I Never Thought This Would Happen to Us!
Every night on the news, whether it's World News Tonight or CNN or Al Jazeera TV, or any channel for that matter, there's a lead story on the weather. Once relegated to the end of each show it now seems to be making headlines every day. From baseball-size hail to flooding in several parts of the world to droughts and fires that consume thousands of acres of precious forest to tornadoes and massive mudslides burying entire neighborhoods.
When neighborhoods are wiped out, homes destroyed, and families are left with nothing more than the clothes on their back, the first thing that most people say to the newscaster is, 'I never thought this would happen to us." We watch it on TV every night as other people's lives and property are turned into shards of glass and flakes of wood, shaking our heads in disbelief as we eat our hot dinner in the comfort of our cozy homes, never thinking for a moment that it could happen to us. Mother Nature is not selective or prejudice. We're all in the path of her wrath, no matter where we live, no matter how rich or poor. And if she hasn't gotten to you yet you can be sure she will sooner or later, it's just a matter of when, not if...
A one degree increase may not sound like much but it is, and it's already changed the world's weather. Imagine what six degrees will do. This documentary (trailer), presented by National Geographic, is well worth the investment of your time. It clearly defines how each rising degree significantly changes the world's weather patterns, which affects our water supply, food chain, and slowly diminishes our odds for survival. In the end, Mother Nature will still be standing, not humanity. I hope this trailer compels you enough to rent, download or buy the entire documentary and not only watch it but watch it with your children, not to scare them, but to educate them so they can learn and start thinking of ways they can make the world a better place now and in the future.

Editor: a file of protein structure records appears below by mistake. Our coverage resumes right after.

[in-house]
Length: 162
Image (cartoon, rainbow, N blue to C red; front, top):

|Six Degrees That Could Change the World
So busy with work, family and play, most people don't know about the chain of events that occur that causes climate change. So here's a little rendition of how one thing affects the next.
As the weather warms, there are more and longer droughts worldwide, which means food crops can't grow. Fresh water evaporates with warmer temperatures, affecting our drinking water supply. Due to warmer weather, glaciers are melting, which is causing the sea to rise worldwide by feet, not inches. When glaciers melt, the sun no longer has the white mass of ice to reflect off of, which is what keeps the earth cool. This means there's more exposed land and sea so the sun is absorbed into a larger area of dark mass, which warms the earth's temperature even more, which in turn accelerates the melting of the glaciers, which makes the seas rise faster. Think of what happens when you put ice in a full glass of water. The water spills over. When the sea rises, more water comes ashore during high tides and hurricanes flooding low lying areas. This is one of the reasons Hurricane Sandy was so devastating to New Jersey's coast. And, by the way, glaciers contribute heavily to the rivers and streams that provide our drinking water. When the glaciers disappear so will our water supply.
When sea rise reaches only four feet higher than it is now, entire coastal communities will be wiped out as the ocean encroaches further inland covering entire cities under water. It's already happening to villages in Alaska. Miami is also a major concern to climate scientists as it runs along Florida's southeast coast. It's vulnerable because it's currently at sea level. When sea levels rise, Miami will be covered by the Atlantic. Some scientists suggest that this is what may have happened to Atlantis.
When entire communities are forced to move inland they then become dependent on your resources such as food, water, utilities and land. The demand becomes higher for things that are already beginning to deplete. Add to that, far more waste on every level. And this is just the tip of the iceberg, pun intended.
So what happens when croplands dry up from severe drought, and food supplies and drinking water become scarce? People run out of food and water so they begin to fight each other for resources to survive, which means looting, robbing each other, even killing if necessary to survive and protect their families from starvation. Can't imagine this ever happening to you either? Well, millions already have, which is why so many are stockpiling food and water, building below ground shelters, buying guns and ammunition, and learning to survive in the wild. There are TV shows about these survivalists, which many see as extreme but in the end, they very well may be the last people standing when society implodes as they will be the most prepared.